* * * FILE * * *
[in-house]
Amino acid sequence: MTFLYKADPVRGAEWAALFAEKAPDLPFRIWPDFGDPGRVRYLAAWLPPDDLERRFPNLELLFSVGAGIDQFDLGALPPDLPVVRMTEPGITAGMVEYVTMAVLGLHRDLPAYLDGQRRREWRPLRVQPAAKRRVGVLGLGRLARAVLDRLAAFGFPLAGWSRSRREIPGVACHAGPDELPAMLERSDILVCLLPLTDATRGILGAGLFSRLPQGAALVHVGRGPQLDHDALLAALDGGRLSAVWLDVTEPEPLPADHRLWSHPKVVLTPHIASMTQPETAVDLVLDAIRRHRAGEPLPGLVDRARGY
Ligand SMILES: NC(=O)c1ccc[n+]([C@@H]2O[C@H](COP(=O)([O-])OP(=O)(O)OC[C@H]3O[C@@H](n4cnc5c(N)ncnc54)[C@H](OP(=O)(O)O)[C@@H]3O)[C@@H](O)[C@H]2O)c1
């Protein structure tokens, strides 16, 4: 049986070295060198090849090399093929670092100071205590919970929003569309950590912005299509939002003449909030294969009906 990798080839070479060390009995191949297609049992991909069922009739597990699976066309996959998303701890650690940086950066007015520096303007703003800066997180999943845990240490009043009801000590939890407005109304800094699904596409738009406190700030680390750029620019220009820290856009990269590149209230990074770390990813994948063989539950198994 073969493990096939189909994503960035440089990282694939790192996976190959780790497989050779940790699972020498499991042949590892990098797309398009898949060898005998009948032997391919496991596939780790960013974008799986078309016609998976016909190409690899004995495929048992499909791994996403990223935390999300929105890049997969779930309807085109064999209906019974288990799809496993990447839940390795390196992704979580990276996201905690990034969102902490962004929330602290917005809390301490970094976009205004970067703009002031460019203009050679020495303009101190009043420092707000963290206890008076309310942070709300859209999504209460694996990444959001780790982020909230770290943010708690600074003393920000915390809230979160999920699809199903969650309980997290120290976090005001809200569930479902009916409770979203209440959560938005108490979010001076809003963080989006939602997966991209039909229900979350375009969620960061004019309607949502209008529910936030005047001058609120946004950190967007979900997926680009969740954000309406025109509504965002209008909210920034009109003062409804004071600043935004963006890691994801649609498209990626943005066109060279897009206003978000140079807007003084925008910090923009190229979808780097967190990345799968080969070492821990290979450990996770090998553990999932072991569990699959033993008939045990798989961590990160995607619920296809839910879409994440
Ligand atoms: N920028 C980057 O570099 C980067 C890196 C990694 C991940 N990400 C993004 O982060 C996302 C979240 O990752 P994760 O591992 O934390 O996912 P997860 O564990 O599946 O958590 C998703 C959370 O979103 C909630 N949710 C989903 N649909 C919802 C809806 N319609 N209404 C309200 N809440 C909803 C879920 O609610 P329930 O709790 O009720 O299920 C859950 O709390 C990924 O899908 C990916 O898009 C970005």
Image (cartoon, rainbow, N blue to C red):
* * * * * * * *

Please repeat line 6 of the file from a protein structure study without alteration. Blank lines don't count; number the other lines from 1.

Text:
Image (cartoon, rainbow, N blue to C red):